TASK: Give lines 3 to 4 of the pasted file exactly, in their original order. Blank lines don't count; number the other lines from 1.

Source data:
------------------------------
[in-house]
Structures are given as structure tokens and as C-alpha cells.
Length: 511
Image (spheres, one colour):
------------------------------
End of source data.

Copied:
Length: 511
Image (spheres, one colour):